At night, in her dreams, Fadumo Abdullahi sees her son fall out of her Minneapolis apartment window, her long arms reaching for him as he tumbles through the air.
“Mommy, come help me,” he cries. It’s been the same dream night after night, ever since her son Musa Dayib followed his sister onto the balcony of the family’s 11th-floor unit, slid his 15-month-old body between the railings and fell one month ago.
The shock of that day has stayed with Abdullahi and her husband, Guled Ahmed. It’s still hard to believe, they said, even as Musa himself seems to shed all reminders of that day.
Doctors have dubbed him the miracle baby. They will remove his last cast Thursday, the one covering his left arm from the wrist to the biceps. The only other visible sign of his 11-story fall to the ground is a pink scar on the back of his head.
“He is the same way that he was before,” said Abdullahi, speaking through an interpreter Wednesday at the family’s Riverside Plaza apartment, where Musa fell. At her feet, Musa pushed a Matchbox car across the carpet as she spoke. “This is something beyond comprehension,” she said.
An open door
On May 11, Musa was with his 3-year-old sister and father in their apartment at Riverside Plaza, the collection of towers in Cedar-Riverside that are home to hundreds of Somali families. Musa’s sister had been routinely opening the balcony door because it easily slid open. “Even before Musa fell, his sister has always been opening the door,” Abdullahi said. “Every time his sister opens the door, he’s always behind her.”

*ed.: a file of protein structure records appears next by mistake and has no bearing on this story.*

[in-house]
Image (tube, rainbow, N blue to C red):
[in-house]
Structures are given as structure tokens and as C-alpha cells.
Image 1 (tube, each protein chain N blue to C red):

The balcony’s guardrail was built to exceed safety requirements when it was installed, with gaps between the rails measuring 5 ⅜ inches apart. Today’s building code requires a narrower gap of just 4 inches.
Ahmed was with his children in the apartment on the evening Musa fell but didn’t see them edge out onto the balcony around 8 p.m. Neither parent witnessed the fall.
Abdullahi was on a lower floor at the apartment complex finishing laundry. The family had spent the day outside celebrating Mother’s Day.
She returned to find her apartment empty and the door open. Thinking it was a fire alarm, she went downstairs to search for her family, but when she stepped out of the building numerous people pointed to her and said, “There’s the baby’s mother.”
She saw the ambulance and heard people say that a baby had fallen. She at first assumed it was her daughter. Then someone said it was Musa and she fainted.
Bandaged and braced
At Hennepin County Medical Center, Musa was bandaged and put into a neck brace. A family picture shows him resting in his hospital bed connected to wires and tubes. His injuries were mostly to his upper body: a broken left arm, broken ribs, a broken right wrist and a wound to the back of his head. A doctor told reporters that the fall would have killed an adult, but somehow Musa’s toddler body had absorbed the blow.
He landed on soft mulch, just inches from a concrete sidewalk on one side and a steel box containing electrical equipment on the other. A witness said he was crying and calling for his mother after the fall, the first sign he might make it.
He left the hospital on May 23 wearing casts on both arms, a body cast for his ribs and a bandage on his head. Day by day, his mother said, he’s become healthier. He no longer needs pain medication and has resumed playing with toy cars.
The family plans to move, said Abdullahi, once a lower unit opens up. The door to the balcony has been locked shut by the property owner after the family requested it.
On Wednesday, playing in his family’s apartment, Musa raced cars on the living room carpet and played with his parent’s cellphone. He called for his father, and when Ahmed turned to face him, Musa smiled and looked away.
“It’s not something that I can fathom myself, as to what happened,” Abdullahi said.